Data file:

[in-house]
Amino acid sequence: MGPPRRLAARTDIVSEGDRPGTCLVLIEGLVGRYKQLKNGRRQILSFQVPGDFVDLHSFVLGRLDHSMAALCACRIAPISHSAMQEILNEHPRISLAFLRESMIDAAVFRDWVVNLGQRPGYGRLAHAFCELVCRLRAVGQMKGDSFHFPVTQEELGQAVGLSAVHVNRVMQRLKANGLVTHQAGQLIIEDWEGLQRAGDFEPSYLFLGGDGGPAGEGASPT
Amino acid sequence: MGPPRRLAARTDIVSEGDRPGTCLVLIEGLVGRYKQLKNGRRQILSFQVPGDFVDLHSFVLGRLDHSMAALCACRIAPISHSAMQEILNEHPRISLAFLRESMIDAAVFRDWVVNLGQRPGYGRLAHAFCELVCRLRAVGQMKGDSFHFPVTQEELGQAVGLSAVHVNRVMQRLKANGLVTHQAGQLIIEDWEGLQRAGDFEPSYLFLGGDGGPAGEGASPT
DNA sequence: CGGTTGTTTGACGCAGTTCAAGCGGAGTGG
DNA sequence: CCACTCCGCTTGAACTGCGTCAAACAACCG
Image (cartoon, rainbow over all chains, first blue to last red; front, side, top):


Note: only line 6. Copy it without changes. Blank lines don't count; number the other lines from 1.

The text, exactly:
Image (cartoon, rainbow over all chains, first blue to last red; front, side, top):